To expand upon this, PLEASE PLEASE DO NOT PUT YOUR CHIP IN THE DIRTY WET FRIDGE OR FREEZER. It will introduce a lot more unknowns, and make further diagnosis much more difficult. Using an electronics safe cold-spray such as MG Chemicals 403A or an ESD-safe canned-air duster would be the only suggested way to test rapidly cooling CHIP. That said, in our tests, we haven’t actually seen any out-of-spec heat buildup on the NAND, however the bitflip problem @Dr.K mentioned is temperature dependent. Cooling the NAND (not the processor) seems to help reduce the number of bit flips, though the correct solution is in software. For reference, the AXP209 is a real honeybadger of a chip, and safely operates up to 130ºC – so despite it being hotter than the R8, it is still perfectly OK.


If the CHIP does not register as a serial USB is it still possible to reflash?


jginaz, it should be possible, yes. If you find otherwise, just email the support team and we can get you a replacement.


I got two chips, one boots fine, the other stops at UBOOT (viewed from UART) like so;
U-Boot SPL 2015.10 (Nov 25 2015 - 20:46:36)
DRAM: 512 MiB
CPU: 1008000000Hz, AXI/AHB/APB: 3/2/2

…it does have a nice sticker saying “Such Pass” on it… however clearly that’s not true. Did anyone actually test these things or did they just slap a sticker on them?
As a guy who does hardware for a living I don’t understand you can ship boards (…and obviously a lot of them) that get three lines into UBOOT, hang and that’s a “pass”…

Nice board, great pricepoint, but “Such Fail!” on the testing. Best of luck getting over this hump, I feel your pain.

Doing the reflashing thing from an Ubuntu 14.0.4 VM (under vmware) - it gets past UBoot flashing, creating sparse image etc and to “waiting for fastboot” but by that point the VM has lost the USB device (which clearly re-enumerated and displayed
"going to fastboot mode
musb-hdrc: peripheral reset irq lost!"
on the uart output) … hm. Ah well, that’s what you get for being an early adopter :slight_smile: Looking fwd to the “easy” reflashing util.


Are these problems hardware or software problems?


A shame you didn’t include jumper wires with the CHIP…

Guess I gotta bust apart an old hard drive or motherboard and my soldering iron to make my own…


It costs $9! They have to make money! They are a company. Just be happy it costs $9 and not $10 or even $15. Even if it did I would still buy it. It has wifi and bluetooth le built in for crying out loud!


anyone far enough along to do this can you print your uboot env or at least enough to see what the bootcmd is?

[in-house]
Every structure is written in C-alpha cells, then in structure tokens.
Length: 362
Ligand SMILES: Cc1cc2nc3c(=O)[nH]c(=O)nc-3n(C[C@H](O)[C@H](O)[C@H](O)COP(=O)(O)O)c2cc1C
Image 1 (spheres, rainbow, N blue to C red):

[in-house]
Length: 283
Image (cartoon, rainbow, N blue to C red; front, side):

dwelch67: Your fastboot timeout looks similar to my problem… At that point in reflashing the board should be reenumerating as a fastboot USB device (do you have a UART on there to see progress?) anyway try the reflash commandline without the “-f” … that got me past a similar problem, it’s now (very slowly) downloading an image



There’s currently a bug with the flashing script. When you see == write ubi ==, the CHIP is actually still saving the image to NAND. Please flash again, but leave the CHIP plugged into the flashing computer for 3 minutes before unplugging and/or rebooting.

– Ben

Can someone tell me EXACTLY what to install and download so I can FLASH my CHIP?

Ubuntu 15.10 x86_64 - AMD Phenom 16 GB RAM :

[username]@[hostname]:~/CHIP-tools$ ./ -d -b stable-gui -f
waiting for fel…TIMEOUT
ERROR: please jumper your CHIP in FEL mode then power on

Exact same result with two different CHIPs and two different USB cables. Tested both with my Nexus 5 phone. Took this photo with the phone and downloaded off the phone using the same USB cable I’m trying to flash the CHIP with :

Don’t have any jumper wires, I’ve got a broken bone in my hand and not game to handle a soldering iron - I can’t imagine there’d be a low voltage contact issue with the jury-rigged jumper wire in the photo…


@greg23 : It (they - I got two) cost me a bit more than $9… $143… and so far I’ve received little value - and wasted a lot of time…

At the time I pledged I was employed - I’m now unemployed and seeking VALUE for MONEY.


Do you have a UART connection? If you do, it’ll show the output of what’s happening during the flashing process, and you can see if/when it’s writing to NAND.

The FEL jumper there looks a little precarious. Do you have a staple or a paperclip you could try instead? Otherwise, maybe try pulling back half of the wires on each side, and twisting them? That might be a little difficult with one hand though.

Also, it can be connected to any GND on CHIP, I usually jump the FEL with the GND that’s just four pins away.


@computermouth or @Dr.K -

The most recent U-Boot firmware pulled via the Flash tools doesn’t have a tag on GitHub. It has a build date of Dec. 22, as opposed to the Nov. 25 tag date of the “production-1.0” tag in the U-Boot repository. Can you please confirm what commit on the repository actually is built in the Dec. 22 U-Boot build?